Tigers' pitching core guarantees future
With top-flight rotation trio, Detroit will be back in 2010
DETROIT -- The Tigers have some decisions to make after a division lead they held or shared since May 10 slipped through their grasp on the 163rd game of the season. But they also have the core pitching that gives them a good chance to contend in 2010.
While last week's American League Central tiebreaker will go down as one of the most heartbreaking losses in franchise history, it might also end up being remembered as graduation day for Rick Porcello, whose progression from 20-year-old rookie to potential front-line starter seemingly happened before the eyes of a national television audience.
On the heels of Justin Verlander's career-high 19th victory two days earlier, allowing Detroit to force the tiebreaker and finishing off the most dominant season from a Tigers starter since maybe Jack Morris, Detroit has a 1-2 combination that many in baseball would envy. Add in Edwin Jackson, whose All-Star season featured a dominant first half before he faded down the stretch, and the Tigers' top three starters earn the team instant credibility alongside the White Sox as the toughest rotations in the division.
"I know it wasn't enough," catcher Gerald Laird said Tuesday, "but this organization, we're going in the right direction, especially when you've got a 20-year-old kid who grew up in front of everyone's eyes. With him, Verlander, Jackson, the guys in the bullpen, it's definitely going in the right direction. We'll be back again."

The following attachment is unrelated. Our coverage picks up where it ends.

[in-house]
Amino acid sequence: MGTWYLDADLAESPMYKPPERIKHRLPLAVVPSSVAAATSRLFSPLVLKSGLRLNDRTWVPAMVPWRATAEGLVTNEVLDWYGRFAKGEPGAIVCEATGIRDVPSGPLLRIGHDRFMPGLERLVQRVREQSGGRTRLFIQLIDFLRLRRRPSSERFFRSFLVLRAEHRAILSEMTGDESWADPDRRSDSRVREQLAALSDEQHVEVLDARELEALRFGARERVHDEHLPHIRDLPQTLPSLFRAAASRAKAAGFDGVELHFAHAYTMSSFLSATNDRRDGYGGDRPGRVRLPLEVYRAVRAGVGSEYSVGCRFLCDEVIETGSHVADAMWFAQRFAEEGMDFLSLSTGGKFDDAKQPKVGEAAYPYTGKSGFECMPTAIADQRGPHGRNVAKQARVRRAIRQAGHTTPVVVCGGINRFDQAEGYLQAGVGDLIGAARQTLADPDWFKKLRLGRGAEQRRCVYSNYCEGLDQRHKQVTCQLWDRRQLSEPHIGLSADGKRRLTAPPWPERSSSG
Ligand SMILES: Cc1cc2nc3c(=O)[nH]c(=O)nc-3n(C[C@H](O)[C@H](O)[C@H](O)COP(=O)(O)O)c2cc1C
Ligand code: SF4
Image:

It's around that group that the Tigers will build and change, whether it's major or minor. Four prominent players are eligible for free agency, from the late-inning duo of Fernando Rodney and Brandon Lyon to the double-play combination of Placido Polanco and Adam Everett. Though team president/general manager Dave Dombrowski said last week he hadn't yet talked with owner Mike Ilitch about the team's budget for next year, he made it clear the Tigers won't be able to retain them all.
In fact, Dombrowski sees an offseason approach that looks a lot like last winter, when the Tigers made a few smaller, targeted moves that didn't cost a lot of money.
"You have to make wise decisions," Dombrowski said. "When you look at some of the acquisitions that we made [last offseason], they worked out well for us. They might not have been high-profile moves."
Brandon Inge, Carlos Guillen, Jeremy Bonderman, Nate Robertson and Armando Galarraga will be coming back from injuries that hampered them for much of the season. All of them but Galarraga will be entering the final year of their contracts and could be free agents next winter. Galarraga could be eligible for arbitration after next season.
Then there's Magglio Ordonez, whose 2010 season is guaranteed with the $18 million option that triggered down the stretch, but whose potential production is up for discussion after he overcame an anemic first half to put up the American League's hottest final month. Whether the Tigers can expect Ordonez to keep up his late-season tear for next season could play a huge role in how they build their offense.
Ordonez's home run total might be secondary in that. After two seasons of an offense built in theory around middle-of-the-order power, Dombrowski signaled there could be a transition towards a more disciplined, versatile attack.